So there is no reduction, and no acceleration of reduction that fracking could be part of.

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    Yes, this is intentionally flipping off certain user's idea of how this question should be answered, by turning their concept of argument on the head. – DevSolar May 2 at 9:35
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    The question is if fracking "can help accelerate the reduction of CO2", and if there is "any validity to the claims". It is not asking if it currently does help accelerate the reduction of CO2, so it's not really clear to me how that link or the information provided here actually addresses what was asked. Other answers seem to clearly demonstrate how it could reduce the production of CO2, under specific scenarios (and then point out why it's not realistic, or even the main factor to consider). This seems to misrepresent the issue. – JMac May 2 at 11:31
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    Again, you're addressing what is, while the question is talking about if it can. These are entirely different. It can be a part of accelerating reduction of CO2 emissions, under some very specific assumptions. This makes no effort to disprove that, and only shows that there is currently no reduction of CO2, not if there is any validity to the claim that it could. – JMac May 2 at 11:54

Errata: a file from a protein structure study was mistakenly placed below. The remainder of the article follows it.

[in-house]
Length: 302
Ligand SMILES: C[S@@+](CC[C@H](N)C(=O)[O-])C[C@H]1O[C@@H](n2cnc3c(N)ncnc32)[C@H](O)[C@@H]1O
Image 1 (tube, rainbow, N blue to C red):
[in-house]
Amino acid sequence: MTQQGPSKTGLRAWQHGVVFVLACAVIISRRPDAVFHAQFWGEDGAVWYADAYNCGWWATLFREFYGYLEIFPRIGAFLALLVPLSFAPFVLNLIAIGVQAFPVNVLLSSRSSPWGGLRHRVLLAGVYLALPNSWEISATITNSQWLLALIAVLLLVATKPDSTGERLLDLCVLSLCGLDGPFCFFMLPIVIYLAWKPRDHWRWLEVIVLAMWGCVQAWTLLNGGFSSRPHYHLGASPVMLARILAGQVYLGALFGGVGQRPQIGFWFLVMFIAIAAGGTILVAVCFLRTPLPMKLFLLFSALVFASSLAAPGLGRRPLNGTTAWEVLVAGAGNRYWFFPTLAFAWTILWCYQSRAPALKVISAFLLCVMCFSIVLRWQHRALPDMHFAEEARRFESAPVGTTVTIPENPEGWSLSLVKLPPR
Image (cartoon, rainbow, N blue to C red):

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    ...and investing in fracking (which is also what the original claim is about) is a bad way to go about reducing CO2 emissions, when compared to investing the same money in e.g. wind energy. (Just not from the perspective of the fracking industry, of course.) – DevSolar May 2 at 12:20
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    I don't see how your answer actually provides any evidence of that; it doesn't even discuss the basis of the claim. It literally only provides evidence that we are burning more fossil fuels right now than we previously were, and that CO2 levels are increasing. That provides no insight on the validity of what could happen. I'm not arguing that fracking is something we should be doing. I just don't think dismissing the claims without actually acknowledging what led them to make the claims is a good way to prove that the claim is flawed. – JMac May 2 at 12:23